The ‘Bobby on the Beat’ remains an iconic and much-hankered after symbol of community, a figure of reassurance not just because the represent authority but becuase the authority the represent is/was personally accessible. This is/was an authority figure with whom the individual could interact with on a personal level and build a relationship based on personal respect in a way that is simply impossible in dealing directly with institutions – the Bobby on the beat mediated the individuals relationship with the institution of the police and provided that insititution with a human interface through which it could foster and derive respect without relying entirely on fear and the threat/use of force.

This hold true for any institution, whether it be a school, a local authority or a government. We may respect the authority of institutions out of fear of power they can exert over our lives, but never the institutions themselves – in the personal domain one can on respect the individuals within those institutions and then only if one is to interact with them at a personal level.

If one could find a means of measuring the level of respect in society, and it would need to be something far more nuanced that crude measures such a crime statistics, I believe that one would find that that any measureable breakdown in respect would follow a clear relationship with the depersonalisation of society and its institutions – the less personal society becomes – and the more remote its insititutions become – the less respect there is in society, particularly for its institutions. That seems to me to be less a hypothesis and more a matter of common sense.

What is also says, clearly, is that centralising even more power and authority on impersonal institutions is not going to create of foster respect, quite the opposite, as more and more power and authority is vested in centralised and depersonalised institutions and that power and authority becomes more remote from the people, the more people will come to resent those institutions and the more they will lose people’s respect.

Managerialism, with it obsessive drive for efficiency, productivity, order and for all manner of systems and processes is fundamentally ill-suited to tackle the issue of respect in society because the things that actually foster respect are fundamentally human, inefficient and, in their own way, disorderly.

If we want respect then what’s needed is not governments and insititutions that are more efficient, more systematic in their work, more productive, more orderly and, as a consequence, more remote from every day life but ones that are a bit inefficient, a bit wooly round the edges, a bit less productive and just a touch disorderly – one that are more human.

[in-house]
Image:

And if anything can be said to embody all those qualitities then is has to be democracy, and especially local democracy.

This is where Chris is absolutely spot on in quoteing Alexis de Tocqueville’s commentary on ‘civic spirit’:

Civic spirit is inseperable from the exercise of political rights…How is it that in the United States…that each man is as interested in the affairs of his township, of his canton, and of the whole state, as he is of his own affairs? It is because each man in his sphere takes an active part in the government of society…Democracy does not provide people with the most skilful of governments, but it does that which the most skilful government often cannot do; it spreads throughout the body social a restless activity, a superabundant force, and energy never found elsewhere, which, however little favoured by circumstance, can do wonders. (Democracy in America Ch 6.)

Exactly – Democracy does not provide people with the most skilful of governments [or the most efficient of governments], but it does that which the most skilful government often cannot do; it spreads throughout the body social a restless activity, a superabundant force, and energy never found elsewhere, which, however little favoured by circumstance, can do wonders.

There is a word that seems lost to modern political discourse on local democracy and certainly to the modern concept of the role and purpose of local democracy and local authorities, yet it has always been a word that sums up, for me, what local democracy is and should be all about.

Municipal – being that which is of, or relating to, or typical of a municipality that has local self-government.

If we truly wish to tackle the issue of respect, then municipal is a word that has to re-enter the discourse on local government, democracy and the nature of the relationship between the individual, the community and that state and its institutions.

Managerialism has no solutions to offer that are capable to tackling the issue of respect. Municipalism and an empowered civil society founded on genuine local democracy do.

  • I have to disagree with the notion that governments and other institutions only gain respect by their power to reprimand, punish or otherwise curtail our freedoms. And indeed, I think it is in the idea of democracy that you mention later in the post that suggests an alternative reason for respecting institutions: the Social Contract. A government and institutions like the Police Force or Schools should have our respect because they are our own creations, apparently working on our behalf, and we know that to do otherwise will make their task impossible.

    Of course, they may then lose our respect through their actions, and the point of democracy is to ensure that this happens as infrequently as possible. Nevertheless, I would suggest that democratically elected institutions start from a point of being totally respected, only to lose that respect, rather than starting from a period of no respect at all, only to gain it through coercion.